Considering the osteogenic potential as a property influenced by the tissue, several comparative studies of MSCs derived from various sources on different surfaces have been published [19,20,21,22,23,24]. Despite these studies, clarification is still needed regarding the influence of the cell source and surface on the osteogenic potential. Osteogenic potential maximisation in the context of bone-regeneration processes would serve as an important step. This study aims to define the MSC source and construct (MSC and scaffold) combination with the highest osteogenic potential.

2. Materials and Methods

2.1. Proteomic Analysis by iTRAQ Labelling

Data were obtained in a previous proteomic analysis, in which MSCs from subchondral bone and cartilage were compared (not published). Specifically, the results obtained after comparing these locations in healthy individuals were analysed.
Briefly, MSCs were obtained surgically from subchondral bone and cartilage of a donor without osteoporotic or osteoarthritic signs. Total protein content was isolated, dried in air, and then re-suspended in 25 μL of iTRAQ dissolution buffer (ABSciex, Foster City, CA, USA). Protein concentrations were determined by Bradford assay (Sigma-Aldrich, St. Louis, MO, USA). TRAQ labelling (ABSciex, Foster City, CA, USA) was performed with SB(116) and C(117) mass tags and desalted with home-made C-18 Stage-tips. Fractions separated in a nanoLC system (Tempo, Eksigent) were automatically deposited on a MALDI plate and analysed by MS/MS (4800 MALDI-TOF/TOF system; ABSciex). Relative quantitative analysis was performed using the ProteinPilot software (ABSciex) with the Paragon™ Algorithm for protein identification and quantification. Only proteins identified with at least 95% confidence, a Prot Score of at least 1.3, a p-value ≤ 0.05, and ratio ≠ 1 were considered as modulated.

2.2. Samples

MSCs from three different localisations (bone marrow, dental pulp, and adipose tissue), obtained from healthy donors (Table 1), were used for in vitro biological studies. Written informed consent was obtained from all donors before sample collection. The study was approved following the guidelines of the institutional ethics committee (Comité Ético de Investigación Clínica Hospital Clínico San Carlos) and the principles expressed in the Declaration of Helsinki.
Discs of CaPs bioceramics used in this study were synthesised, sintered, and polished (if needed). They were kindly supplied by the Instituto de Cerámica y Vidrio (ICV-CSIC). The discs had a diameter of 18 mm and 4 mm thickness. The sintering temperature employed for β-TCP was 1130 °C, and that for HA was 1250 °C [25,26].

2.3. Cell Isolation and Culture

ASCs were obtained from adipose tissue after surgical biopsies, according to Yang et al. [27]. DPSCs were isolated after dental pulp mechanical extraction from wisdom exodontias, as described by Huang et al. [28]. Finally, BM-MSCs were obtained from femoral channel aspirates of bone marrow, taken during joint replacement surgery, in a Ficoll density gradient and cultured directly, as described by Gudlevicine et al. [29].
Once isolated, cells were expanded in growth medium: DMEM supplemented with 10% FBS and antibiotics. DPSCs required 20% FBS, instead of the 10% usually established, as described by Alkhalil et al. [30]. Cell cultures were expanded at 37 °C in a 5% CO2 atmosphere. The medium was changed every 3 days until cell confluence at passage 3.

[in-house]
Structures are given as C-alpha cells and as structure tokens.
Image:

2.4. Cell Characterisation

In order to confirm that cells satisfied the minimal criteria for the definition of MSC proposed by the International Society for Cellular Therapy [31], flow cytometry and histochemistry assays were carried out, as we have previously described [32].

2.5. Biological Features on the Plastic Surface

2.5.1. MSC Proliferation Rate

During cell expansion, cell proliferation was evaluated by calculating the population doubling time (Dt), which is defined by:
Dt = T ln2/ln(Nf/Ni)
where “T” represents the time elapsed between determinations of the final number of cells (Nf) obtained from an initial cell number (Ni).

2.5.2. Osteogenic Commitment of Each MSC

Alizarin Red staining was carried out along culture on plastic. The coloured area of cell cultures after Alizarin red staining was quantified, in terms of percentage, using the ImageJ 1.43v software (National Institutes of Health, freely available: https://imagej.nih.gov/ij/index.html, accessed on 5 November 2020).

2.6. Cell Behaviour on CaPs

2.6.1. Cell Activity/Viability

Prior to cell seeding, the scaffolds were previously submerged in growth medium for 24 h, then seeded with 1 mL of a cellular suspension containing 50,000 cells.
Monitoring of cell viability was conducted using the colourimetric indicator AlamarBlue™ (Cat#Y00-100. Thermo Fisher Scientific, Waltham, MA USA). The variation of absorbance at 570 nm was measured at 24 h, 4 days, and 7 days using a Heales MB-580 microplate reader (Shenzhen Heales Technology Development Co. Ltd., Shenzhen, China). The amount of absorbance corresponded to cell metabolic activity.

2.6.2. Scanning Electronic Microscopy (SEM)

The cellular organisation, adhesion, and colonisation of the scaffolds were assessed at 24 h and 7 days. Each sample was subjected to fixation with phosphate buffer solution containing 4% paraformaldehyde and 2.5% glutaraldehyde for 30 min. After fixation, samples were washed 3 times with phosphate-buffered saline (PBS) for 20 min, followed by incubation for 45 min with a solution of 1% osmium tetraoxide and, finally, washed again with PBS 3 times for 10 min. The next step was the dehydration of samples by immersing them in increasing ethanol concentrations: 30%, 50%, 70%, 96%, and 100%. The final step was to introduce the samples into a critical-point device and cover them with vaporised gold. Samples were then observed and analysed by scanning electron microscopy (SEM JEM 6400, JEOL, Akishima-shi, Japan).